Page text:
Real Estate

Conservation Easements

Conservation easements have become an increasingly popular legal tool for preserving scenic land, historic sites, and other cultural resources. Perpetual easements donated to qualified organizations offer protection for these privately owned sites and create tax savings for the donors.

As the idea of using easements to protect land has grown, Stites & Harbison has earned a reputation as a go-to law firm for major conservation easements in Kentucky and Tennessee. The firm's attorneys have been front-and-center on dozens of major, record-breaking gifts, consulted on complex transactions, and invited to speak and publish on the sophisticated legal issues surrounding conservation easements.

In Tennessee, Stites & Harbison has been selected as Counsel to the Land Trust for Tennessee, a nonprofit group formed for the purpose of forever preserving farmland and open and scenic spaces in Tennessee. Working with Stites & Harbison, the Land Trust for Tennessee has accepted easements on more than 75,000 acres of land.

In Kentucky, Stites & Harbison has been counsel for River Fields, Inc., a Louisville-area land trust. The firm has drafted or negotiated numerous major easement agreements for River Fields, including the largest gift ever made in Kentucky in terms of donated value.

Stites & Harbison has also reviewed numerous easement agreements for Bluegrass Conservancy, a private land trust committed to permanently protecting the natural diversity, scenic open space, rural heritage, and agricultural vitality of Kentucky’s Bluegrass region. Stites & Harbison’s work with Bluegrass Conservancy has included the conservation easement granted by former Kentucky Governor Brereton Jones and his wife, Libby Jones, which protects the 236-acre Aidrie Stud farm in Woodford County, Kentucky. In 2009, the firm helped Bluegrass Conservancy reach the significant milestone of holding conservation easements on more than 10,000 acres of prime bluegrass farmlands.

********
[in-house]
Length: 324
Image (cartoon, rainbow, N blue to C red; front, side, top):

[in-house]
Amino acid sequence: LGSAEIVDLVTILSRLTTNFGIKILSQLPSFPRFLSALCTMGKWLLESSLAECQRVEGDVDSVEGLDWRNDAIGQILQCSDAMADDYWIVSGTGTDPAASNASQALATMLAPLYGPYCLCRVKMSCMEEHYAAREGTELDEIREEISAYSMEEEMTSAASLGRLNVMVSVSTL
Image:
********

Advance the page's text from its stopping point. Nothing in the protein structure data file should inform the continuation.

Several of the firm's attorneys have written or presented papers on easements or related subjects. Bruce Reynolds and Stephen M. Ruschell—two of the firm's Lexington-based attorneys—wrote “Conservation Easements and Their Qualifications for Tax Benefits,” which was published in the July 2001 edition of the Kentucky Bar Association’s Bench & Bar. Our real estate attorneys frequently write and speak on conservation easements for landowners, attorneys, appraisers, and other professionals interested in supporting this means of protecting open space for future generations.

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